Bring Your Own Cloud

In 2013, the cloud security alliance released “The Notorious Nine” threats for cloud. A few months later, I have the feeling that the most important threat is missing: “Bring Your Own Cloud (BYOC)”.

BYOC is when an employee uses a cloud based service without the blessing of his company for business purpose. The employee clearly puts the company at risk. The employee may bypass all the security policies of the company, as well as the fences the company put to protect its IP or infrastructure.

BYOC is so easy to do and unfortunately it is awfully convenient.

  • You just need to enroll on a free SaaS service to launch it immediately. It is sometimes faster than asking the same service from the IT team. How many of your employees have opened an account at DropBox, Box, GitHub, or whatever other cloud sharing service. How many of your sensitive information are already widely in the cloud? The employee will most probably not check whether the system is secure. The default settings are not necessarily the ones that you would use. Of course, the employee will not have read the SLA.
  • You just need to use the company credit card to open an account at IaaS or PaaS providers. This is clearly faster than asking the IT team to install a bunch of servers in the DMZ. But how secure will they be?

The fast and free/cheap enrollment of cloud services make it extremely attractive for employees. And they do not make it maliciously. They will always have strong rationales for their action.

But, it can become easily a nightmare for the company when the things are going wrong. Especially, if the employee used his/her personal mail to register rather than the company’s email. In that case, the company will have hard time to handle these accounts.

What can we do? Cloud is inevitable, thus we must anticipate the movement. A few actions:

  • Provide a company blessed solution in the cloud for the type of services will need. This solution can be fine tuned to have the security requirements you expect. The account will be in the name of the company, thus manageable. Premium services offer often better security services such as authentication using your Active Directory, logging, metering…
  • Update your security policy to make it mandatory to use only the company blessed solution
  • Educate your employees so that they are aware of the risks of BYOC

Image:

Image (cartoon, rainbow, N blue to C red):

• Listen to their needs and offer an attractive list of company blessed services
  • Make it convenient to enroll the company blessed services.


Do you share this concern? What would you recommend?

Designing security warnings

Microsoft released some interesting rules for deciding when and what to display to users in case of a security warning.  Microsoft proposed two nice acronyms.


A security warning should be Necessary, Explainable, Actionable and Tested (NEAT).  In other words, the designer should only present a security warning to the user if the user is needed to make a decision and that it could be precisely explained to the user.

Explaining a security warning is a difficult task.  Thus, Microsoft proposed another acronym.  The explanation should clearly explain the Source of the issue, the Process that the user may follow to solve, describe the Risk, Unique to user (with his/her context), offer some Choices and give Evidence (SPRUCE).

A nice initiative.

Financial crisis

This morning in my my car I listened to Christian de Boissieu, a French economist. He explained that this crisis was different from previous ones do to a problem of lack of trust. Trust? as in our preferred topic?

The current crisis is due to banking organisms that took too high risks. Nobody was either seriously evaluation the acceptability of the risks, or worse they did not care. In other words the aversion to risks was extremely low. And of course, as we all know. The higher the risk, the higher the probability that the corresponding threat will be true. Here we are.

De Boissieu highlighted that the world had already many severe crisis. Just remember the deflating Internet bubble. Nevertheless, it never shook so much the world. Massive attempt to inject money by Central Banks have no serious impact. According to him, the banks do not anymore trust each others. This means that they do not anymore lend money each other. This lack of trust is such that they do not even dare to borrow money from central Banks. Their aversion to risk from extremely low jumped to extremely high. Thus, this lack of trust freezes money, and there is not enough available liquidity. Thus, companies have trouble to reimburse. Vicious circle.

It is strange that institutions such as banks which are among the ones that master the best security through the notion of risk management and trust fall in that deadly pitfall. Once behind us, security specialists should study this crisis to learn about mistakes. They were all about risk management (the crux of security)